I have always believed that reading great books shape your thoughts. I enjoy reading all kinds of books and especially ones that have important lessons in personal finance. Below are my three favorite books on money, personal finance and savings.
1. It’s Not What You’ve Got: Lessons for Kids on Money and Abundance by Dr. Wayne Dyer
Dr. Wayne Dyer, a well-known motivational speaker has written several books on positive thinking and self-actualization for us grown-ups. He has also targeted young audience with “It’s Not What You’ve Got: Lessons for Kids on Money and Abundance.” As a parent, I want my children to learn the importance of financial discipline. Needless to say, before sharing this knowledge with my children, I read it and enjoyed thoroughly. This book is more for adults than for children and indeed a best gift you can give to your children. A must read for anyone who wants to find meaning in money and here are my three takeaways from this book.
- I only spend money that I have (I will not use my credit card for buying shoes, clothes etc.).
- I will always be proud of money that I earn (I will not keep a tab on others’ earnings).
- Every job I do is important (I will work harder and get luckier).
2. Rich Dad, Poor Dad: What the Rich Teach Their Kids About Money — That the Poor and Middle Class Do Not by Robert Kiyosaki
This is another great book on personal finance and growing your wealth. Robert Kiyosaki is an investor, entrepreneur, financial commentator and an advocate of financial literacy. The advice given in this book breaks the conventional thinking patterns we have been exposed to for years. A must read for someone who wants to attain financial freedom. Here are my three takeaways from this book.
- All of you were given two great gifts: your mind and your time. It is up to you to do what you please with both. (Use your time on increasing your net worth).
- Whenever you feel ‘short’ or in ‘need’ of something, give what you want first and it will come back in buckets (Give value to receive value).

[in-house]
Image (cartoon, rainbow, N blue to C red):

- Just know that it is fear that keeps most people working at a job. The fear of not paying their bills. The fear of being fired. The fear of not having enough money. the fear of starting over (Follow your heart and passion and do not worry about money).
3. The Total Money Makeover: A Proven Plan for Financial Fitness by Dave Ramsey
Dave Ramsey, one of my favorite authors has unlocked a secret code for financial fitness in his classic book “The Total Money Makeover: A Proven Plan for Financial Fitness.” This book condenses the financial wisdom of Dave Ramsey in easy to follow steps and makeover plan to get rid of debt by recognizing some of the myths about money. This is a great read. Here are my three takeaways from the book.
- We live in a cause and effect world. What you sow, you will reap. (It is indeed true not only with our financial habits but all the habits we embrace in our life.)
- When times are booming, you can do dumb things with money, get sloppy and take huge risks without realizing it. (It is important to save money and invest your savings even when you are on top of the game.)
- Winning at money is 80 percent behavior and 20 percent head knowledge. (For attaining financial freedom, you don’t need to have the knowledge of all the tools, but by taking few right steps, you can save a lot).
For beginners, the world of investing is mesmerizing and yet intimidating. If you are looking to create wealth in short period of time, equity is the best asset class and you need to invest in the stock market. However, it is important to get some experience in the investing world before you are ready to dabble in the stock investment. If you are new to investing and still want to make some small gains, the best option for you is mutual funds. There are different kinds of funds available according to the life stage and investment horizon a person is looking at. There are money market funds and investment grade funds for risk takers. Then, there are tax-exempt funds and balanced funds for people who are targeting retirement in a few years. So, it totally depends on your life situation. Here are three reasons for investing in mutual funds.
Many people consider mutual funds as conservative and low risk products. However, they are not very conservative, yet they reduce the risk to a large extent. If you have a low risk appetite and rightly so because you are investing for the first time, it is important to shift the burden and instead of investing in stocks, where the risk is too high to low risk products such as index funds such as Vanguard index funds.